Is it appropriate for Christians to unite with non-Christians? The answer is Yes. In some situations. And the answer is No in other situations.
So, which is the appropriate answer in the situation of Liberty University inviting Mitt Romney to be their commencement speaker this year. Is the graduation ceremony at an evangelical University the right time to partner with a Mormon presidential candidate?
The answer is No.
Mormonism is not Christianity. It is not a denomination within Christianity. It is a cult. This is not one man's opinion; it is a fact. Mormon's reject the divinity of Jesus, they reject the doctrine of the Trinity, and they believe that people are saved through good works. These are not disagreements over minor issues. These are irreconcilable differences.
Does this exclude Christians from ever partnering with Mormons on any issue? No. If a partnership between Mormons and Christians could lead to less abortions, to justice for the poor, and for relief for the oppressed, then partnering is a good idea.
Furthermore, there is nothing wrong with Christians voting for Romney (or any other Mormon) for president.
But the actions by Liberty University are something different. They promote an unhealthy partnership. It sends a message that has confused people about the true nature of Christianity.
Here is the message: Christianity is a moral code.
The morality of Mormonism is similar to the morality of Christianity. If morality is at the center of Christianity, then there is no real discernible difference the two. This is the message of this partnership.
Jesus didn't come to make us moral people. He didn't leave us with a code of ethics and instruct us on how to live up to it. He came to save us. He came to rescue lost and broken people and restore them into the freedom and satisfaction that go along with a relationship with God. This certainly has moral implications, but morality is not at the center of the message. The similarities between Mormonism and the gospel of Jesus are all on the surface. The differences are at the core.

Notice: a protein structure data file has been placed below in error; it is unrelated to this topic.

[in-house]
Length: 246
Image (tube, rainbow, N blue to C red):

A school's commencement address is meant to reflect the core values of the school. So, here is my question: If the gospel of Jesus is at the center of the message that Liberty University has proclaimed to their students, if the gospel of Jesus is what the school hopes to be at the center of the graduating students' lives, why would they bring in a speaker who does not embrace the gospel of Jesus? John Piper put it well in a not-so-subtle tweet: "If a baptist pastor or a candidate for president should preach to you a different gospel, let him be accursed. (Gal. 1:8)"
Mitt Romney is not the enemy. Nor are Mormons. Nor are any non-Christians, whether religious or not. Nor are Christians in any way superior to anyone else, religious or not. But it is not helpful to confuse the message of Jesus with a code of morality.
Ironically, Mitt Romney has been the one taking the brunt of criticism in this partnership. News outlets have raked him over the coals for aligning himself with an "intolerant" evangelical institution. Among Christians, Liberty University should be taking the brunt of criticism. Not for the sake of throwing stones, but for the sake of protecting the pure gospel of Jesus from becoming a message of mere moral improvement.